Talk about a different point of view. 9R with a left pattern gives you a nice final over a lake which felt very weird considering I was used to the 27 side, and the lake apparently makes every first time pilot think they are too low and I was no exception.

And for fun the tower after first a right pattern on 9R then made it a left pattern for 9R and would on occasion have us lengthen the downwind or tighten the base due to traffic. There was lots of traffic today from helicopters, Pipers, Cessnas and a cool-looking Velocity airplane out and flying around. On one occasion Tower had us do a left outbound turn from final instead of landing as a plane had dallied and not taken off in time so we curved back to a long final for that landing.

There was lots of traffic and lots of practice spotting traffic.

These were all good things as I can now do a left pattern, a right pattern, and land on both ends of the runways as directed and as needs be.

I got plenty of radio work in talking with the tower and all went pretty well.

We did the left patterns with landings and touch and gos a few more times and got some very annoying crosswinds which I really need to learn to figure out as I was tending to crab my landings due to them.

Overall, I did some pretty good landings with a couple "Oh, heck!" moments thrown in. No need to worry about me getting overconfident at this point, that's for sure.

That's 8 more Landings, with 7 made mainly or completely by me, and 1.1 more hours in the book.

Wednesday, September 09, 2015

A Port Authority Building To Nowhere

With great fanfare, and with over $22,000,000.00 in public funds spent on a Port Authority public dock and terminal building designed for international cruise ships and acting as a customs point of entry on the Detroit River, there's just a small problem.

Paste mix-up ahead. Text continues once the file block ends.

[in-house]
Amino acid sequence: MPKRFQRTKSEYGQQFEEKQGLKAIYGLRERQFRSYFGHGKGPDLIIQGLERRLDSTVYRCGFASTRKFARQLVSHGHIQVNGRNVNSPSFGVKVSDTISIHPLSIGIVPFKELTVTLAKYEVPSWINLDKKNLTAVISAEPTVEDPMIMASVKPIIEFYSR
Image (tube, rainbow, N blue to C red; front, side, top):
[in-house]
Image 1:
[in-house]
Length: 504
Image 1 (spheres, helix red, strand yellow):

It is not suitable for US Customs to use and it failed to meet their requirements so they refuse to use it, so it cannot be used as designed. You would think a building designed for US Customs to use would not have overlooked that minor detail.

Instead the Port Authority building is currently being used for catering and holding wedding parties in a portion of the building.

Instead of spending an additional $170,000 to make it suitable for use, the plan now seems to be to sell it at a loss, likely to some politically connected developer.

Then again, all of one cruise ship docked there in the past two years. So it was a great investment of $22 million in public funds. On the upside 80% of the money came from the federal government so the building could be named after Senator Carl Levin with the remaining 20% from local boundless fonts of money - the City Detroit (now out of bankruptcy) and Wayne County (teetering on the verge of bankruptcy).

Yet another edifice and result of Democrat deficit spending, profligate waste, and incompetency in action.

The Detroit News: Port Authority open to selling $22M terminal building

Not A Recommended Carry Method

Forget about the debate over appendix carry. At least one stupid criminal has now gone far beyond that with internal cavity carry, and I don't even want to think about the steps needed for a draw from that particular "holster":

The Detroit News: Cops: Cavity search reveals loaded gun in woman’s body

Police in Texas say they removed a loaded handgun from a woman’s body during a cavity search.

Waco police Sgt. W. Patrick Swanton tells the Waco Tribune-Herald officers stopped an SUV for a traffic violation late Monday and found methamphetamine inside. A man and woman were arrested.